Kamala Harris Is Said to Be Weighing an Endorsement of Joe Biden

Ms. Harris was trying to loosen Mr. Biden’s grip on African-American primary voters, and her searing reference to her own childhood experience with integration might have been the high point of her campaign. But it came at the expense of an older, white candidate who was already fending off questions about his record on matters of race. And Mr. Biden was personally stung by her attack, his advisers said, because he considered her a friend.

Yet Ms. Harris’s surge in the polls did not last, and the two candidates never sparred again in the same way. By October, aides to both Democrats recall, they were getting along well when they ran into each other at the Des Moines airport before heading to Ohio for the debate there.

More significant than their personal rapport, a Harris endorsement of Mr. Biden would be politically useful for both of them.

A 55-year-old woman of African and Indian descent with law enforcement credentials, Ms. Harris was already likely to be on Mr. Biden’s short list, should he emerge as the nominee. Yet she could bolster her chances to be his running mate if she backed his campaign at a critical time, particularly if he did not win in either Iowa or New Hampshire next month and needed a boost in Nevada and South Carolina. And even if she is not chosen for vice president, she would be a leading contender for a cabinet post, such as attorney general.

For Mr. Biden, who is working to consolidate support from Democratic leaders as Senator Bernie Sanders’s progressive candidacy gains strength, an endorsement from Ms. Harris would signal that party leaders were rallying behind his candidacy and offer him a well-known surrogate to stump on his behalf as the race goes on.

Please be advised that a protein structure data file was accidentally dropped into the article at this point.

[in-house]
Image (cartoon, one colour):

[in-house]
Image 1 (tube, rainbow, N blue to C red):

The risk for Ms. Harris would be if she were to get behind Mr. Biden only to see him lose in California, which votes on March 3 as part of Super Tuesday. A survey of the state’s Democratic voters, conducted this month by the Public Policy Institute of California survey, found that Mr. Biden was in second place to Mr. Sanders, of Vermont. But the poll highlighted the strength of the progressive bloc in the state: Mr. Sanders and Ms. Warren combined were capturing 50 percent of the vote.

Rose Kapolczynski, a longtime Democratic strategist in California, said Ms. Harris would not damage her prospects for re-election in 2022 by backing Mr. Biden. But if Democrats were to lose the presidency this fall, supporting him could shape how she was perceived by the left, were she to run again for president four years from now.

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